I’m stuck in an unpleasant situation. My friend is a self-proclaimed writer. She believes she will be the next greatest author such as H.P. Lovecraft or J. K. Rowling. She gave me her book to review.
It’s…. bad. I mean…. really, really BAD. The story isn’t really a genre I like to read. So I know I’m a bit biased with my opinion in that factor. But, the story is poorly written. There are typos and grammar mistakes and so many changes of POV that my mind is reeling.
My friend keeps emailing me waiting for a review on sites like Amazon and Goodreads. Yet, I can’t in all honesty give her a good review. It would be fake to just boost her sales and get other unwitting people to purchase the book.
What can I do? I don’t want to ruin our friendship.
Confused Critic in Colorado
Dear Confused Critic in Colorado,
Yeah, most people nowadays have been in your shoes. We have that one friend that believes anybody can write a great piece of fiction by stringing a bunch of words together. They don’t understand plots, story arcs or editing their work.
Anybody can get their book self-published now. What most people don’t ask themselves is whether or not they should be publishing their book. Is the story ready? Have they edited and revised to ensure the book is polished to perfection? Did they get someone else to read the book first who can give constructive criticism to make the story better?
Most people don’t do any of these things. They write out the story and get it published. Then they sit back wondering why nobody wants to purchase it. So they talk their friends and family into reading the book and posting positive reviews to spark public interest.
Can you find anything good to talk about in this book? If not, you could just bow out of giving any type of review. Email your friend and tell her you simply can’t give one because you don’t really like the genre. So the storyline is confusing to you.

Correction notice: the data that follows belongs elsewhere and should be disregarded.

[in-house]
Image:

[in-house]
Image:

If you think your friend can handle the criticism (and they plan on publishing more books), you might want to send her a personal email about her book. Point out the problems in the friendliest manner possible. Tell her you are giving this advice so she can become a better writer and reach her dreams of success.
Also, take note that reviews — even bad ones — can have an impact on a author receiving or keeping a publishing contract.
Publishers want people to buy books. Publicity of those books helps build buzz. Even if a person writes a bad review, it shows that the person purchased the book and are aware of the author as they may purchase another book from them in the future. If there are no reviews for a book, an author can actually lose their publishing contract or a chance to get a contract.
Publishers really don’t care if the reviews are bad or good. They just care that the author is getting reviews so other people will hear more about the author and pick up the book so they can read the story and judge it for themselves.
So if you do plan to leave a review for your friend’s book, just leave an honest one.
An avid freelance writer, Miss Michelle strives to make the world a less deadlier place by offering free advice for people in need of a listening ear and a tickle to the funny bone. When she is not writing for free, she is working on her fiction novels or watching cartoons with her toddler.